The Effect of Unemployment on Household Composition and Doubling Up

Emily Wiemers, University of Massachusetts at Boston

Doubling up with family and friends is one way in which individuals and families can cope with job loss but there is little work on how prevalent this form of resource sharing is and to what extent families use co-residence to weather a spell of unemployment. This project uses data from the Survey of Income and Program Participation to provide some of the first evidence on the relationship between household composition and unemployment across working ages. Using the transitions in living arrangements and employment status in the SIPP panels, I find that individuals who become unemployed are twice as likely to move in with others. The issue of how families change household composition to weather bad economic times is especially relevant as unemployment and poverty remain at historically high levels.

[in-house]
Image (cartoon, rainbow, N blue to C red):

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Presented in Session 61: Public Policy and Families Around the World